The normalization of the relationship between the two countries will spur the demand for democracy in Eritrea. Eritreans and Ethiopians are now free to travel to each other’s country. Eritreans will have the opportunity to witness, experience, and relish the freedoms that Ethiopians enjoy under Dr. Abiy’s government. They can justifiably demand similar freedoms. After all, wasn’t the fight for independence a fight for democratic freedoms?

Dr. Abiy’s peace gesture and the resulting agreements signed between the two countries will reduce the economic hardship that Eritreans have suffered over the last 20 years. Both governments can redirect their military spending towards badly needed economic and social services for their populations. They can use the peace dividends for economic development. The UN embargo imposed on Eritrea will be lifted. Trade between the two countries will resume and Eritreans will have the opportunity to buy Ethiopia’s agricultural products, including food. A common market that is mutually beneficial for Eritreans and Ethiopians could be signed. (The previous preferential trade agreements signed by Meles Zenawi and Isaias Afeworki were not in the best interests of Ethiopia). So, Dr. Abiy’s bold peace project will most likely improve the economic welfare of Eritreans.   

Personal Chemistry between Abiy and Isaias

When it comes to agreements between governments, it is often said that the personal is the political. Personal relationship between leaders are crucial in establishing trust, and trust matters in signing agreements and implementing them.  It seems that the two leaders get along very well. The usually stoic Isaias is often seen joking, smiling, and laughing with Abiy during their visits. The warm camaraderie between the two leaders augurs well for the relationship between the two countries.

President Isaias doesn’t have to worry about what he calls “duplicitous” Ethiopian leaders who promise one thing and deliver something else.  An Eritrean supporter of Isaias comments that the two previous Ethiopian prime ministers “begged” him to ratify the Algiers Agreement, but he rejected their pleas insisting that Ethiopia unconditionally withdraw its troops from the border areas and that it pay war reparation. The real reason behind his rejection, however, is that he did not trust the previous prime ministers. But, he trusts Dr. Abiy. Therefore, Isaias cannot use “untrustworthy” Ethiopian leaders, who may declare war on Eritrea any time, as a pretext for maintaining autocracy in Eritrea.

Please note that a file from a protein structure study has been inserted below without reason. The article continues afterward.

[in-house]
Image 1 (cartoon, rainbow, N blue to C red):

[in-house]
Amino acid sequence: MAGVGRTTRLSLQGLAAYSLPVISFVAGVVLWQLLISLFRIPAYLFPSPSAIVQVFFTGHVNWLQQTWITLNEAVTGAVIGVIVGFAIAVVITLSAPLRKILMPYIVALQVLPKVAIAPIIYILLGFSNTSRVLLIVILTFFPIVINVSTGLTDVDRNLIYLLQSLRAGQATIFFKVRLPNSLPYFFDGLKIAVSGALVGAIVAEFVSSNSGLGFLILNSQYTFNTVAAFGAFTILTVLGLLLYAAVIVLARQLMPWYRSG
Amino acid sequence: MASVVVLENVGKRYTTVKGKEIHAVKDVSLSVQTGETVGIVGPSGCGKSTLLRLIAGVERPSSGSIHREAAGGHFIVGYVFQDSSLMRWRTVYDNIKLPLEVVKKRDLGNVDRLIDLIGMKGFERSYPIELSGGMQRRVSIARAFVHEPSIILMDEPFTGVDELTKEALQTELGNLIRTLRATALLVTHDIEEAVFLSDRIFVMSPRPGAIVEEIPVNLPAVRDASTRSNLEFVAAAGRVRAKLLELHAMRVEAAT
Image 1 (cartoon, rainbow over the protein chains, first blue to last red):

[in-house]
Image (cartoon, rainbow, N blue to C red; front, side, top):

Isaias may also have personal reasons to introduce reforms. After being in power for 27 years and at a relatively advanced age of 72, he may be thinking about his legacy. He does not want to be remembered as a brutal dictator, but as someone who was forced to maintain autocracy by circumstances beyond his control, the war with Ethiopia. This has been the official storyline of the Eritrean government. Real or imagined, that threat no longer exists. And he considers Dr. Abiy trustworthy. The removal of the excuse, combined with pressure from the political reality in Ethiopia, the international community, and more importantly from Eritreans inside and outside Eritrea, will most probably motivate him to introduce reform. The reliability of Dr. Abiy in respecting the agreements signed so far or will be signed in the future will provide further impetus for introducing reform by Isaias.

Sooner or later, democratic changes will have taken place in Eritrea, with or without Isaias’s leadership, but Dr. Abiy’s decision to accept the Algiers Agreement unconditionally, his unexpected visit to Asmara, and the extraordinary welcome he received in Asmara have fuelled the aspiration for reform in Eritrea. He may not be the messiah that the Eritrean people have been waiting for, but he has certainly played a catalytic role in promoting reform in Eritrea.

The tumultuous welcome that Prime Minister Abiy Ahmed received from Eritreans and the return visit of President Isaias to Ethiopia have also raised high expectations about the relationship between the two countries in the future. Some Ethiopians have prematurely concluded that the visits by the two leaders have reunited the two countries. We are not there yet. There are many complex outstanding issues, hurdles, differences, and challenges that must addressed before we get there, but the secession of hostilities, the agreements signed so far, and the two visits are the first steps in the right direction towards establishing some sort political arrangement that best serves the interests of both Eritreans and Ethiopians.

Worku Aberra (PhD), a professor of economics at Dawson College, Montreal, Canada, is currently visiting Ethiopia.